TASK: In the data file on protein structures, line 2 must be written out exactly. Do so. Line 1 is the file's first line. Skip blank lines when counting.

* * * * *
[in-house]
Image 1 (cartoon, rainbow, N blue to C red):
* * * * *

Image 1 (cartoon, rainbow, N blue to C red):